4. What is the three-tier quasi-judicial machinery in India under COPRA? (HOTS)
5. Why is the consumer redressal process becoming burdensome?
6. Write a short note on ISI and AGMARK.
7. How do ‘Consumer Protection Councils’ help consumers? Explain three ways. (CBSE 2012)
What is the main function of Consumer Protection Councils? (AI CBSE 2012)
8. Explain the circumstances under which markets do not work in a fair manner. (CBSE 2012)
9. Describe the provision made under Consumer Protection Act, 1986, (COPRA) for redressal of consumer disputes. [AI CBSE 2013(C)]
10. How do we participate in the market as producers and consumers? Explain with three examples. (AI CBSE 2013)
11. Explain three factors that gave rise to consumer movement in India. [CBSE 2012(F)]
12. How are the consumers exploited in the marketplace? Explain with three examples. [CBSE 2012(F)]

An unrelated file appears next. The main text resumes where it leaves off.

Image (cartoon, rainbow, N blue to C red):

13. Explain the ‘right to choose’ and ‘right to seek redressal’ as a consumer’s right. (HOTS)
14. Give examples of false information which was passed through the media to attract consumers. (HOTS)
IV. LONG ANSWER TYPE QUESTIONS
1. How do the large companies manipulate the market? Explain with examples. (CBSE 2015)
2. Discuss the common forms of consumer exploitation. (HOTS)
Explain any four ways in which consumers are exploited in the market. (AI CBSE 2012)
3. What is consumer exploitation? What are the various ways in which a consumer can be exploited? (CBSE 2008, AI CBSE 2009)
4. Explain briefly the three-tier quasi-judicial machinery set up under the Consumer Protection Act of 1986. (CBSE 2011, 2012)
What are the institutions set up under COPRA for the redressal of grievances? Explain. (CBSE 2011)
How can a consumer get justice when his rights are denied? (CBSE 2012)
5. How is the consumer redressal process becoming cumbersome? Give four reasons. (AI CBSE 2010, CBSE 2011, 2012)
6. Explain the rights of a consumer as enshrined in the Consumer Protection Act of 1986. (CBSE 2011)
TEST YOUR SKILLS
1. What is consumer exploitation?
2. Consumers have the right to be protected against any danger arising from the products. Explain.
3. What do you think should be the role of government to protect consumers?
4. How does the exploitation in the market take place?